16
May
09

Looking Ahead to 2010 and the Senate

vote

I dislike copying an entire page and presenting it in a blog, but there’s no other way to really to get an excellently written assessment of what’s in store for voters in the up and coming 2010 congressional seats.

This page is presented by Council for a Livable World at their link here:

An Early Look at the 2010 Senate Elections

18 Democratic seats up for election

Evan Bayh (IN)
Michael Bennet (CO)
Barbara Boxer (CA)
Roland Burris (IL)
Christopher Dodd (CT)
Byron Dorgan (ND)
Russell Feingold (WI)
Kirsten Gillibrand (NY)
Daniel Inouye (HI)
Ted Kaufman (DE) (retiring)
Patrick Leahy (VT)
Blanche Lincoln (AR)
Barbara Mikulski (MD)
Patty Murray (WA)
Harry Reid (NV)
Charles Schumer (NY)
Arlen Specter (PA)
Ron Wyden (OR)

18 Republican seats up for election

Robert Bennett (UT)
Christopher Bond (MO) (retiring)
Sam Brownback (KS) (retiring)
Jim Bunning (KY)
Richard Burr (NC)
Tom Coburn (OK)
Mike Crapo (ID)
Jim DeMint (SC)
Chuck Grassley (IA)
Judd Gregg (NH) (retiring)
Johnny Isakson (GA)
Mel Martinez (FL) (retiring)
John McCain (AZ)
Lisa Murkowski (AK)
Richard Shelby (AL)
John Thune (SD)
David Vitter (LA)
George Voinovich (OH) (retiring)

The landscape

1. Number of seats up in 2010: After the unexpected Specter party switch, Democrats and Republicans now both have to defend 18 seats, but the Pennsylvania contest now swings toward the Democrats.

2. Retirements: At this point, five GOP Senators have announced their retirement at the end of this term, compared to only one Democrat. Open seats are frequently highly competitive.

3. Newly-appointed Senators: There are four Democratic seats previously held by Obama, Biden, Clinton and Salazar. Their appointed successors will be much more vulnerable in two years.

4. Candidate recruitment: Both parties are searching for strong candidates to run as challengers or for open seats, but have suffered some disappointments as favored candidates declined to enter the races.

5. External factors: The decisive factor may be the popularity of President Barack Obama in November 2010 and his success in solving U.S. domestic and foreign problems, especially the recession. Many mid-term elections become referenda on the incumbent President’s party.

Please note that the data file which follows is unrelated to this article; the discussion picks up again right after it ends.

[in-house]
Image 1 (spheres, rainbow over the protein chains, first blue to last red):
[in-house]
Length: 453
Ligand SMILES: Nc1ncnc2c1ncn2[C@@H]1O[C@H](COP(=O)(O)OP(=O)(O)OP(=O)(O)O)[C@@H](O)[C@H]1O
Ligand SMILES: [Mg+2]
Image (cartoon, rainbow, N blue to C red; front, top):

The early battleground states

California: The nation’s largest state becomes a battleground only if Gov. Arnold Schwarzenegger (R) decides to challenge Sen. Barbara Boxer (D) . She will face spirited competition even if he does not run, perhaps from ex-Hewlett Packard CEO Carly Fiorina (R), but should prevail.

Colorado: Political newcomer Michael Bennet (D) was appointed to replace Sen. Ken Salazar (D), who resigned to become the new Secretary of Interior. Well-regarded for his performance as superintendent of Denver public schools, Bennet is little known to voters across the state. Republicans are sure to mount a stiff challenge. Polls point to a close contest in the general election. Bennet raised $1.4 million in the first three months of 2009.

Connecticut: The chairman of the Senate Banking Committee, Sen. Chris Dodd (D) is in trouble. His sagging poll numbers are due to the banking crisis (he is chairman of the Senate Banking Committee) and to what the media describes as sweetheart real estate deals. While the state is strongly Democratic, polls show that Dodd will face a strong challenge from former Rep. Rob Simmons (R) or former state senator Sam Caligirui (R).